This was the instructions for our friendly rickshaw driver, Chimanda, as myself along with two friends, Vladimir and Pamela descended on a 300 km road trip in his three wheeled motorised rickshaw.
Previous impressions of these drivers had been poor; in India I found you could not trust them. They are like pirates with their toothless grins, who end every sentence with ‘AHH’ and steal from vulnerable foreigners with extortionate prices.
On meeting Chimanda and discovering his profession I had my usual raised defences, but they were soon lowered when he guided us to find an alternative, spectacular venture point to overlook Sri Lanka’s version of Ayres Rock (Lions Rock) in a vast unspoilt jungle. A stunning sunset allowed us to sink whiskey and dwell in this unblemished landscape. On venturing back I was given the reins, but perhaps It was best that Chimanda was driving on route to a bar later that evening, as we mistakenly invented the sport of ‘Rickshaw Safari,’ by inadvertently coming across a dangerous wild elephant. Our flimsy rickshaw would be like flicking a matchstick for this great beast so we stood our ground. Relieved to have rickshaw and passengers in once piece we ordered 8.8% Extra Strong Buffalo beers. The Buffalo flowed fuelling the thought of travelling by rickshaw to Galle, a seaside town in the south of the country. Buffalos were sunk and it soon became a serious proposition. Normal such uncalculated decisions revert in big lazy hangovers, wondering ‘what was I thinking?’ On this occasion our chauffeur arrived as planned and we could set out on our very mini adventure.
We would meander through small towns, villages and jungle as heavy rain was relieved by bright sunshine. I could really smell and feel Sri Lanka with our open sided cart and it was distinctively more peaceful than the roads I was used to India. On route we came across what looked like a very lively village fete, but there was no tombola, cake stand or putting competition. Instead we witnessed two men sitting on a raised 10ft high tree log, participating in a Gladiator like duel beating one another with filled sacks. Inevitably Vladimir and I were invited to perform and we clambered onto the platform where our nerves tightening. We were reluctant to make the big hits we had witnessed realising a miss could see us flying, a draw seemed a fair result. We were paraded as z-list celebrities onto the stage waving like confused Royals, before making a heroes exit to continue our journey. By sunset we touched the West coast road, and this would guide us through the evening to Galle. We opted to sleep in our new rickshaw-motor home, far from luxury, far from what Pamela expected.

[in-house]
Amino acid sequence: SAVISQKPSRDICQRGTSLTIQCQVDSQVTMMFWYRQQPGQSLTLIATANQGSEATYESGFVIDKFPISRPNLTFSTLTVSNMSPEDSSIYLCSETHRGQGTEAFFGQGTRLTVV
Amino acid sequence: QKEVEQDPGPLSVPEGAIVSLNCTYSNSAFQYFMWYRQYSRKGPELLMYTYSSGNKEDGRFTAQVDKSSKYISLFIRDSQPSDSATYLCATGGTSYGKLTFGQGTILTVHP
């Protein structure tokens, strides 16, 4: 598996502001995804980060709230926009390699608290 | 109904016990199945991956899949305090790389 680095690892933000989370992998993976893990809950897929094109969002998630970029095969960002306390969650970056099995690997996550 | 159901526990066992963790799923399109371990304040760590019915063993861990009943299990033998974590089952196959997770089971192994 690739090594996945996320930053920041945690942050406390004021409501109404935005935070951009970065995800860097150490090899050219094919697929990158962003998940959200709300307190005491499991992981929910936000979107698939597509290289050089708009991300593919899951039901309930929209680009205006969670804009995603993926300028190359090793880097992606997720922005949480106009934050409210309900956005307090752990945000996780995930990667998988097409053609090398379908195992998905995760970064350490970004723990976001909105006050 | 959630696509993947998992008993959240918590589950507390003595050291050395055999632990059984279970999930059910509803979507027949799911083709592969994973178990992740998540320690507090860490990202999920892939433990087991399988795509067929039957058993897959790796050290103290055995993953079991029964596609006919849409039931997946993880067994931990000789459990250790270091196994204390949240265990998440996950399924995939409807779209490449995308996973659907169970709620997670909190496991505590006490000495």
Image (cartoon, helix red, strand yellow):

As we stumbled out of bed we smelt like a rickshaw driver, a man approached us offering a night in his guesthouse unsurprisingly he didn’t trust us, and we were made to pay up front.